A resume is more of “a life on a page,” but how could anyone put everything important about herself on a single piece of paper? Resumes are much more specific in nature, it includes relevant information about yourself. Just like life, the resume has its past, present and future. As your career goals shift or the job market changes, as you grow personally and professionally, chances are you will need to re-write your resume or at least need to create new versions.
How do you know what in your life–past, present, and future–is most relevant to prospective employers? How do you select which information to include? The quick answer to both these questions is “it depends.” It depends on your individual career goals as well as on the professional goals of the companies hiring in your area or field of interest. In the end, only you, through research, planning, questioning and self-reflection, can determine the shape and content of your resume, but the strategies below along with those on the job search, can help you ask the right questions and begin exploring your options.
So, to start the job search, you need to prepare your resume. These are the top 10 tips to resume writing:
Resume Writing Tip #1: Gather your background materials. To complete your resume, you’ll need to know your dates ofemployment at each of your previous jobs and when you went to school. You’ll also need to be able to describe your skills and accomplishments on the job, so put some thought into those areas.
Resume Writing Tip #2: Decide on a format. Before you can start writing a resume, you’ll need to decide if the functional or chronological format will work best for you. Remember, you want to put yourself and your abilities in the best light.
Resume Writing Tip #3: Put together a general outline. A resume outline will help you get organized and will prevent you from overlooking any essential pieces of information that should be included.
Resume Writing Tip #4: If your resume is targeted at a specific employer or career path, learn all you can about what they need. Spending time on this research will help you with your resume, with the cover letter that goes with your resume, and with the upcoming interview. Make sure you know what qualities will most benefit the employer and think about how your abilities match those qualities. (Read another resume writing tip on how to target.)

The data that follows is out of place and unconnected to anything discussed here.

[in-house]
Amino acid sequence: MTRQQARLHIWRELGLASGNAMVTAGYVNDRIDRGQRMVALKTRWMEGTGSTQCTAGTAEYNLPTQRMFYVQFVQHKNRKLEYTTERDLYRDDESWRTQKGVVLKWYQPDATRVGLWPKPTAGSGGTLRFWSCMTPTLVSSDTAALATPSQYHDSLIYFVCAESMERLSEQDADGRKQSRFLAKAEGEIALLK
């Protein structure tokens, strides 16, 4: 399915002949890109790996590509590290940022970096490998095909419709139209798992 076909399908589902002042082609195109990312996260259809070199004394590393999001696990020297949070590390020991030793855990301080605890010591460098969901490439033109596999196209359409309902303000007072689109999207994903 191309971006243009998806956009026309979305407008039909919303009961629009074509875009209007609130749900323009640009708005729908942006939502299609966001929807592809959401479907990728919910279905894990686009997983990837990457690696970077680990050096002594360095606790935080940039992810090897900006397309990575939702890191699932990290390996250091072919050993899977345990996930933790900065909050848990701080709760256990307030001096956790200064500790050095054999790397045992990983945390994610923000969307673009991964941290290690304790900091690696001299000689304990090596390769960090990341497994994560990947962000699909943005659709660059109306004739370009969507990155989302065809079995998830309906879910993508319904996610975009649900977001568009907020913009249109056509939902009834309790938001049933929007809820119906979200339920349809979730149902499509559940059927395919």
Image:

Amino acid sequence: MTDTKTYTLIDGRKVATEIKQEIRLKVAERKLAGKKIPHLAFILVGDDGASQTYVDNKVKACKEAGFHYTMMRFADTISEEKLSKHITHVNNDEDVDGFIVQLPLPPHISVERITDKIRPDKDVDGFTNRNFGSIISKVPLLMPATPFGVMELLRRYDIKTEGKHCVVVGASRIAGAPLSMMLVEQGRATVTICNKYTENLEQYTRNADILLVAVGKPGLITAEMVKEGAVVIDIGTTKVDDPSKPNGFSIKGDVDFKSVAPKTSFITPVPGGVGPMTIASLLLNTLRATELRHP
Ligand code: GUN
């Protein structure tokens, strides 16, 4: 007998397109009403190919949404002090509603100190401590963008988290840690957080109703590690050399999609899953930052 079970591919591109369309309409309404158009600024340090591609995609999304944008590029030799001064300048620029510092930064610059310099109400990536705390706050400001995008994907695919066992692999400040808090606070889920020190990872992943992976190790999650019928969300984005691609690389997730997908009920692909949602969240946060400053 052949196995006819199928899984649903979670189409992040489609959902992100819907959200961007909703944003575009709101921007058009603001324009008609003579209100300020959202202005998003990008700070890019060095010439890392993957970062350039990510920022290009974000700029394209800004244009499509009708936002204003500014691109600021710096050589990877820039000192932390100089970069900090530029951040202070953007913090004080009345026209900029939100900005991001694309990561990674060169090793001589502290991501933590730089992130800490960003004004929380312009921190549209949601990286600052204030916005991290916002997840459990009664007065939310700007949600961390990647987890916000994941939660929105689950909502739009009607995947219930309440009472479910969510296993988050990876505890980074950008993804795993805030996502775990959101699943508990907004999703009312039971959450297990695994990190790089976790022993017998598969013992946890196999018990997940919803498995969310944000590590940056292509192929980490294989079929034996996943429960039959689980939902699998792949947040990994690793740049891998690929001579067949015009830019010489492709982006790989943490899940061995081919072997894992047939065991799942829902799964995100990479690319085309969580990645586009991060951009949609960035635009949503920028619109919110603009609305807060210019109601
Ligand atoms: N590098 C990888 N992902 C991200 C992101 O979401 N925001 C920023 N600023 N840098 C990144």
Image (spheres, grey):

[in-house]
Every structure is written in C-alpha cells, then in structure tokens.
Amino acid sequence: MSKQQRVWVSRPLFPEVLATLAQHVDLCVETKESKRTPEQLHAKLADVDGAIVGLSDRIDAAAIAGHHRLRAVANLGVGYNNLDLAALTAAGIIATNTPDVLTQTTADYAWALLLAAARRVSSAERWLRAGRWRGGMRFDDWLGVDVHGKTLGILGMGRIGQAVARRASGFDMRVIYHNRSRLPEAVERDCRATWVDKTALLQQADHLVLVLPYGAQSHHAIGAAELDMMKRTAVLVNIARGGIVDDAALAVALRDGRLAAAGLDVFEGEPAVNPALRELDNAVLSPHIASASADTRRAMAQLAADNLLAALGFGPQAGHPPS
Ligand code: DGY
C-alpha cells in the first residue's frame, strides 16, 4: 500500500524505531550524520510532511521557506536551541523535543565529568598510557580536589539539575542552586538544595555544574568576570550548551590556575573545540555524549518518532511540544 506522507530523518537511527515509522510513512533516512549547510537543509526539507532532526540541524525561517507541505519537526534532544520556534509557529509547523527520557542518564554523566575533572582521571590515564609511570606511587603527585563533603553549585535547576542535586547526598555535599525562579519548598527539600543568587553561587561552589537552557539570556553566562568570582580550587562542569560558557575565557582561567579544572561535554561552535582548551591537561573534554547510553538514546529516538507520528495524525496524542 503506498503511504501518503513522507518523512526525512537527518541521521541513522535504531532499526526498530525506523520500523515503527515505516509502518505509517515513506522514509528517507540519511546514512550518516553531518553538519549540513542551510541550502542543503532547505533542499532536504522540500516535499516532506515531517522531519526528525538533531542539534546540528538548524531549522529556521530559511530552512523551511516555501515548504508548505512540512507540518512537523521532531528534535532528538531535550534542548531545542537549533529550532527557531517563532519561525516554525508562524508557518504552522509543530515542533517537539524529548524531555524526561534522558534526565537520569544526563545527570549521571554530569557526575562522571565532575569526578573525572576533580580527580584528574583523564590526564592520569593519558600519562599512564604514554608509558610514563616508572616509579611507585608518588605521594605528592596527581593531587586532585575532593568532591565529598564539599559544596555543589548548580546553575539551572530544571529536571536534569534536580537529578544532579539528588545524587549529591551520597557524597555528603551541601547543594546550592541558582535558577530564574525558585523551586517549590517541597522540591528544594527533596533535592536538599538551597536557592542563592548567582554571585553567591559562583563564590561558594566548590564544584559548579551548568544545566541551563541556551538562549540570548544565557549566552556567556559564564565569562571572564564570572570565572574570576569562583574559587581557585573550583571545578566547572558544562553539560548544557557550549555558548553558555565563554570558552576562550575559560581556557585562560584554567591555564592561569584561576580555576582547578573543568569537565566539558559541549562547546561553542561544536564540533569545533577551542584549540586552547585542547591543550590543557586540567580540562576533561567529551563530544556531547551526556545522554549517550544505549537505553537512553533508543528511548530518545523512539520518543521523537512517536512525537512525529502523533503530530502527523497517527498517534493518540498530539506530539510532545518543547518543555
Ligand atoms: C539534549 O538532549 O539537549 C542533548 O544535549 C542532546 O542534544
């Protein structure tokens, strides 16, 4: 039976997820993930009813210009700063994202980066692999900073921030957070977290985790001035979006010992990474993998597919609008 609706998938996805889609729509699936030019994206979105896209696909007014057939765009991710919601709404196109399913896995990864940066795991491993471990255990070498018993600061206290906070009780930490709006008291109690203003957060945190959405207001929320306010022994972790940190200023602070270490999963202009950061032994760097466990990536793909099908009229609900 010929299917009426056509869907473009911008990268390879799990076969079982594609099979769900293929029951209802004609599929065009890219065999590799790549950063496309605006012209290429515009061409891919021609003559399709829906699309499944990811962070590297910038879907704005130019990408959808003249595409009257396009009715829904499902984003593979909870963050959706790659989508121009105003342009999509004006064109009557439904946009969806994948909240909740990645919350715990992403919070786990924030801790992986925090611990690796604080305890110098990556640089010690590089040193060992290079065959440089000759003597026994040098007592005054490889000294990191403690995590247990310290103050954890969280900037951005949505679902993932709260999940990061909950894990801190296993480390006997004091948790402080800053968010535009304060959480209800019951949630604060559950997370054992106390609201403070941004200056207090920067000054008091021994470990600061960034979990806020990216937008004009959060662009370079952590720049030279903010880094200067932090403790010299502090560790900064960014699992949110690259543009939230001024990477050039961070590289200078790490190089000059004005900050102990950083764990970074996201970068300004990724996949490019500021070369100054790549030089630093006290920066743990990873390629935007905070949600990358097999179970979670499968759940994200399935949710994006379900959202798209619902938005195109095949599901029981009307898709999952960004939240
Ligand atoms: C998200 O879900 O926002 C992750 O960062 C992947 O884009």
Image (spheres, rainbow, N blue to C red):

Resume Writing Tip #5: Plan, plan, plan. Before you actually start writing, spend time just thinking about how you’ll present yourself in the resume. What is your objective in seeking a job? This objective should serve as a sort of bull’s-eye to structure your resume around. What have been your most significant accomplishments? You’ll want to highlight them. What unique qualities do you bring to an employer? Think in terms of benefits. Also think about the resume design you’ll use, the fonts within, and the resume wording .
Resume Writing Tip #6: Start writing, following your outline. Take your time. Use a lot of action words. Be concise. Don’t use “responsibilities included” or “responsible for.” It’s a waste of space. Use bullets, rather than long paragraphs.
Resume Writing Tip #7: Cut and paste your content into your resume template. If you’re at this site, you’re probably not an experienced, professional resume writer. So, take a resume writing tip from a pro. Use a resume template. There is no reason why your resume must look amateurish.
Resume Writing Tip #8: Review, edit, and proofread like a maniac. One of the biggest resume mistakes is typos or grammatical errors. These errors may seem trivial, but they can cost you the interview, and ultimately the job. After all, if you can’t be bothered to make sure that your resume is 100% accurate, what guarantee is there that your job performance will be high caliber?
Resume Writing Tip #9: Get someone else you trust to look at it. It can be really helpful to get someone who knows you to look at your resume. Not only are they more likely to catch simple errors, but they may point out strengths you’ve missed or underemphasized. Tell them you want their honest opinion and you’re open to questions. Use their input to clarify your resume. Even if you write your own resume, you may want to think about getting a professional to do a resume critique .
Resume Writing Tip #10: Send it out into the world. The more resumes you submit, the more likely you are to get an interview. Don’t put all your eggs in one basket by applying for only one job. And, don’t be afraid to take some risks and apply for a job you’re interested in, even if you don’t quite match all the qualifications. Most employers ask for many more qualifications than they absolutely require.
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